It’s time for the annual open enrollment period at many companies, which means employees around the country are facing important but confusing choices around their 401(k) plan. How do you decide which options to select, and what will the choices you make now mean for your financial future?
Every situation is different, so there’s no one-size-fits-all strategy that will create the best outcome. Still, there are some broadly applicable ways to approach the maze of choices and make sound decisions for this year’s 401(k) plan. Here are four key points to consider during open enrollment.
- To Roth or not to Roth?
When contributing to your retirement plan at work, the Roth K allows you to put money in after-tax and have tax-free growth. The withdrawals you make later will be similarly tax-free. That’s fantastic, of course, but if you choose to go this route you’re also passing up the opportunity for lower tax liability now. Basically, your choice comes down to “tax me now or tax me later?” There’s no universally correct answer here, so your best bet is to estimate your financial picture in retirement.
If you project that your income tax rate during retirement will be similar to your current rate, then it may not make much financial sense to pay the taxes now instead of later. Taking the tax break now by deferring into your traditional 401(k) plan may be the better option. Work with your financial planner and tax advisor to look at all factors including current tax deductions versus projected deductions, current income versus projected income, and current versus projected tax rate during your retirement years. These and other factors will affect the amount of tax you pay on your contribution dollars.
2. Investment selection methodology
A well-diversified portfolio should contain at least five different asset classes, typically not in equal percentages. Most advisors recommend a lower weighting on more volatile asset classes. Your time horizon for accessing the funds should help you decide how much to allocate for equities versus fixed income alternatives like bonds. Ideally, your advisor works closely with you during open enrollment to tailor portfolio allocation for your particular situation.
When in doubt, it’s usually a good bet to use one of the target fund options that allocate investments based on your projected retirement date. Keep in mind, though, that there’s still much debate within the financial industry around glide paths or the method in which the allocation changes through the years prior and after hitting the target year. However, you decide to balance your investments, make sure you have a sound rationale for where your money is going. Performance should not be the only reason you choose an investment option.
3. How much should I contribute?
This is another question with no universal answer, but there is a universal path to finding the best answer for you: Look carefully at your cash flow. Retirement monies in qualified accounts generally aren’t accessible until 59½ without paying a penalty, so you want to avoid early withdrawals if at all possible. Therefore, it’s critical to take a hard look at your cash flow and determine how much you can realistically save. The key is balancing your cash flow needs with the tax advantages of the retirement plan — but remember, you can still access these funds in a true emergency. Also note that if you are considered a highly compensated employee at your company, while you can still contribute up to the annual limit ($18,500 in 2018), the percentage of your total salary to get there may be capped, e.g. HCE making 200K of income may be capped at 7% of total salary, only allowing a 14K contribution.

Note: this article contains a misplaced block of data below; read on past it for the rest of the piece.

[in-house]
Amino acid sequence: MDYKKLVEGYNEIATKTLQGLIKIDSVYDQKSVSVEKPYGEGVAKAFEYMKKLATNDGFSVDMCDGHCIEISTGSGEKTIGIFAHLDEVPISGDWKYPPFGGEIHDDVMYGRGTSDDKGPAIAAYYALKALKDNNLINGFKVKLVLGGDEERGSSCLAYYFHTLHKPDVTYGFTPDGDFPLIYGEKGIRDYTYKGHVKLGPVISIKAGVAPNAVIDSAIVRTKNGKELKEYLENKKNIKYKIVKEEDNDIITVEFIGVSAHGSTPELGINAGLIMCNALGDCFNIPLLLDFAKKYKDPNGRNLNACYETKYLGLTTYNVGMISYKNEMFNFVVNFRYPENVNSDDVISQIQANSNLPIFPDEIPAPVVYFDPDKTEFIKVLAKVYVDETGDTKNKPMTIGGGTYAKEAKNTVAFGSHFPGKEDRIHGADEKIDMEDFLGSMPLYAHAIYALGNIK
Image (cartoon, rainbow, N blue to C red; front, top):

4. Pay attention to beneficiaries
The most inexpensive way to update your estate plan is to carefully examine the beneficiaries listed on your retirement accounts. There are strong tax advantages to leaving your spouse as a primary beneficiary. Unbeknownst to many, your beneficiary designation supersedes what your estate documents say. It is not uncommon for someone to never change an ex-spouse on an old retirement plan. The courts have addressed this on several occasions and the listed beneficiary designation always wins, no matter what a divorce decree says. If you list a revocable living trust as your beneficiary, it’s for the trust to have conduit provisions in order to preserve the spousal tax benefits.
Retirement accounts are often the largest invested asset that an individual or family owns. They’re too important to risk through carelessness or ignorance, despite the intimidation factor. Take the time to learn about your options during open enrollment, then create a set process for making choices and follow it closely.
Meredith Moore is a 20-year veteran of the financial advisory industry who specializes in bringing a customized approach to support the highly personal dynamics that govern her clients’ relationship with money and success. She is the recipient of numerous industry awards and a noted speaker and writer focusing on the intersection of power, money, and gender within relationships. Ms. Moore can be reached at www.artisanfsonline.com.
Meredith C. Moore of Moore and Artisan Financial Strategies, 1125 Cambridge Square, Suite C, Alpharetta, GA 30009 (770) 587–0281.Learn how to take control of your financial life and discover what makes women’s financial planning needs such a unique challenge with our free, white paper: https://www.artisanfsonline.com/.19.htm